A NH artist and his creative shelter
Sculptor Jon Brooks's residence is his biggest work of art.
Sculptor Jon Brooks’s singular, undulating little house in the woods of southern New Hampshire seldom fails to surprise and charm visitors. It is human nature to put the new in terms of the known, so you might at first compare Brooks’s home to the buildings in a Dr. Seuss book, or to the hobbit houses in a Peter Jackson movie. But, in fact, it looks like nothing so much as Jon Brooks’s house. Brooks is a sculptor who favors organic and abstract forms, and the New Boston home that he shares with his wife Jami Boyle is one of his works of art, albeit larger, and with plumbing and electricity.
There are few right angles in the house. Outside, the shingled walls lean into sloping, gently twisting rooflines. A tower attached to the main body of the house has a top that references a mushroom or a samurai helmet. The chimney is a mosaic stalk that looks a bit like a moss spore. Inside, the natural wood ceiling and walls of the main living area are curved and ribbed with supports that are also key design elements. A wooden staircase leading to an exposed loft in one corner looks like a spinal column, with each step a vertebra. It’s a little like being inside the body of a big, friendly creature.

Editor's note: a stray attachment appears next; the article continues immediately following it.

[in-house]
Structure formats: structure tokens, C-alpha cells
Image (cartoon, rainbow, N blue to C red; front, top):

The floor, ceilings and walls are made from local hemlock and pine. There are a few “fancy” woods here and there, such as the mahogany used for the tabletops. An artist friend from Philadelphia created ceramic wall mosaics for the ground floor and the upper level of the house. The mosaics provide a pleasing contrast to the natural wood in both color and texture. A vintage enamel stove is a bright focal point in the kitchen.
The artist stands in his studio workroom.
It’s a fairly small house—Brooks is unsure of the square footage, as there aren’t any “squares”—but it’s not at all cramped. There is a ground-level entrance with a hall, bathroom and utility space, from which “floating” steps that resemble paramecia lead to the upstairs living, kitchen and dining areas, plus sleeping loft. The attached tower has an office, a meditation room and a third-floor bedroom. Brooks raised his daughter here, and when asked how it might have been for a toddler to negotiate staircases that daunt some adults, he says it had never been a problem; “it’s just home.”